Thursday, October 31, 2013
The apple and the tree
I woke to the gauzy, unexpected light of snow in the air this morning. The flakes were unsure of themselves. New to the stage. They meandered and floated more than they actually fell. But they were there. We saw them. Huddled together for warmth on the roof of the barn, collected on the top edge of the windshield wipers, stuck in a spider's web. We saw them.
Like shuttling through darkness, turning the bend and seeing that glimpse of light, we’ve broken through. No more waiting and wondering and lamenting and regretting and reminiscing about things, warm and breezy, easy things left behind.
Winter is approaching. Our world has been stripped bare and stands exposed, ready and waiting, unafraid, un-self conscious, unashamed of its nakedness. Prepared.
Fall agitates. Winter soothes. Spring promises. Summer lulls.
How sensitive can one be to the seasons? How is it that the spinning of the earth, the proximity to the sun, the length of days, the attitude of light, the precipitation or lack of precipitation, can dictate my outlook, my chemistry?
Did I inherit this hyper connectedness? My children may be learning it from me. The rain draws them outside to dance. Dark days soothe them. They love snow-- the smell of it, the look of it, the feel of it, the sound of it.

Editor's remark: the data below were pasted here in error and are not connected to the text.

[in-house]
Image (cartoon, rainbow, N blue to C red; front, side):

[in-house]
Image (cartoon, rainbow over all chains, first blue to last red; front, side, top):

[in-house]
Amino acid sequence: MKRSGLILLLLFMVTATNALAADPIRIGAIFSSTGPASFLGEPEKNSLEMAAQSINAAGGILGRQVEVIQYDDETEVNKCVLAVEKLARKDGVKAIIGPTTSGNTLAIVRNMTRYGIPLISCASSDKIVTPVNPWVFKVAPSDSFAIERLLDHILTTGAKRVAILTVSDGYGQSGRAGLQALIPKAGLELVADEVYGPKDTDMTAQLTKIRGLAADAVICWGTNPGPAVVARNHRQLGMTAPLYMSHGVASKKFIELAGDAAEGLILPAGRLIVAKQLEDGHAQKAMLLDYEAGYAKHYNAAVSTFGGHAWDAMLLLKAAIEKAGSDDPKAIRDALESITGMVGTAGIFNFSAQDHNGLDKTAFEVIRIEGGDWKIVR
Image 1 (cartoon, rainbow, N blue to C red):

On this, one of the darkest mornings we’ve had in a year, the house was still dark, their eyelids shut tight, at 7:05 a.m.
"Wake up, wake up, we’re going to be late for school," I shouted. “No light. No light.” Isla said, scootching backwards under her blanket to escape the rudeness of the bedside lamplight.
And Esther, in the dim light coming through her attic window, her body shaped, no contorted, into its usual arched , jumping fish pose in a tangle of covers. Her head never in line with her feet. Nothing, not even the fear of being late for school, stirred these children.
That is until I mentioned the snow. In an instant they were up, wide eyed, running, barefooted, to the windows, down the stairs, back door flung open, hands out, tongues out, itching for a feel, or a taste, of the sky.